Tag: endangered cats

Species Facts:  The Fishing Cat

Most people wouldn’t consider “saving wetlands” as the method of choice for protecting an endangered cat, but it’s just what Southeast Asia’s fishing cat needs. The only member of the cat family to live on fish is becoming increasingly rare outside Bangladesh and parts of eastern India.

Citizen Scientists, Cats, and Computers

All cats, big and small, like to keep secrets. It is our task as cat lovers to learn some of those secrets so we can make life even better for these beauties. The cats don’t make it easy for us. So we fool them. Today, technology like camera traps and GPS tracking collars collect a lot of data about unsuspecting domestic and wild cats. Then we laypeople help the experts use these tools to learn more about cats.

Species fact: Clouded leopards

Clouded leopards are adorable.
The “clouds” are those beautiful dark blotches on the coat.

These wild felines aren’t close relatives of the leopard, but modern research shows that clouded leopards do belong with the big cats. Their head and face are a little weird looking. That could be because these Southeast Asian cats are primitive – the first big cats to evolve some 11 million years ago. But some paleontologists have a different explanation for it.

Species Facts: Snow Leopard

Snow leopards aren’t leopards that live in snowy country. “Panthera uncia” is actually a separate species and more closely related to the tiger. While leopards rule in southern Asia, snow leopards own the alpine and subalpine zones from the Himalayas northward, across the Tibet plateau and the Central Asian high country, to mountainous southern Siberia.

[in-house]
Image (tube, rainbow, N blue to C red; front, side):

The Florida panther and Hurricane Irma

This post was intended to be the usual brief fact about how the rare Florida panther survived Hurricane Irma.

I figured that enough time has passed for people to have some idea of how these cats and other wildlife on the mainland fared.

I underestimated Irma’s impact on Florida.

Species Facts: The Leopard

The world’s most famous spotted cat is a little better off than other big cats. Although its range has shrunk, the leopard still calls two continents home. Since leopards can adapt to almost any environment from sea level up to around 17,000 feet in the Himalayas, you will find them in most of sub-Saharan Africa and across much of southern/northeast Asia. While the overall species isn’t endangered, some leopard subspecies are. But in India the high numbers of both leopards and people are causing serious problems.